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GMC faces new crisis

Leaked letter suggests Shipman Inquiry is preparing a blistering attack on the GMC and its revalidation plans

The Shipman Inquiry's final report could end self-regulation for doctors.

A leaked letter obtained by Pulse which indicates the inquiry's potential conclusions delivers a damning indictment of the GMC's policies and processes.

In 17 separate points, the confidential letter to the GMC's solicitors states the council may be censured not only for its performance during the period of Shipman's crimes but also for subsequent reforms such as revalidation and its current policies.

The document says the GMC may be criticised for prejudice towards doctors, for changing revalidation out of 'expediency' and for failing to lay down clear fitness to practise policies.

If repeated by the inquiry's final report due in the summer, the criticisms would wreck revalidation before its introduction in 2005.

They would also deliver a hammer blow to the GMC, which came under sustained attack when Shipman's crimes were revealed but has subsequently undertaken a wholesale programme of reform.

Prime Minister Tony Blair told MPs in January the Government would implement the inquiry's findings in full and as soon as possible.

The letter from the inquiry's solicitor Henry Palin was sent to the council in late December after more than a dozen GMC witnesses gave evidence to its fourth session.

Its purpose is to give the council a chance to respond before the inquiry chair, Dame Janet Smith, begins drafting her final report.

The timing suggests the inquiry was not swayed by the GMC's original defence.

The letter stated: 'The GMC may be open to criticism in respect of the way in which it proposes to carry out revalidation which may be said to be inadequate to meet the claims presently being made as to its beneficial effects.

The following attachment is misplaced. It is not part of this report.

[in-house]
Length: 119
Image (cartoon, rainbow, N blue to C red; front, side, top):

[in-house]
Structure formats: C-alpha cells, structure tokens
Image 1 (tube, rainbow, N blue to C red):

'Further it may be said that the GMC has failed adequately or convincingly to explain its changes of stance in respect of its proposals for the implementation of its policy on revalidation.'

The GMC has argued in its submissions to the inquiry that revalidation has the support of the Government and Parliament.

The letter also stated the GMC may be criticised for its 'failure to lay down clear policies so as to properly reflect its claimed objective of protecting patients'.

The inquiry also said GMC decision makers may 'lack objectivity' and their 'prejudices favoured the doctor rather than the complainant'.

Although the inquiry says

it will take into account reforms made since Shipman, it argues 'continuing shortcomings' exist.

GMC & Shipman Inquiry

Feb 1999 GMC votes in favour of revalidation.

Feb 2000 Shipman Inquiry launched. Health Secretary warns self-regulation in danger. GMC announces reform plans.

June 2000 BMA members vote no confidence in GMC.

June 2001 Shipman Inquiry begins taking evidence.

May 2002 Government accepts GMC reform proposals including revalidation and slimmed-down council.

July 2003 Shipman Inquiry fourth stage. Includes GMC role.

Summer 2004 Shipman Inquiry' final report due.

The inquiry may well wish to express reservations about the GMC's proposals for the future

The way in which it proposes to carry out revalidation may be said to be inadequate

By Ian Cameron

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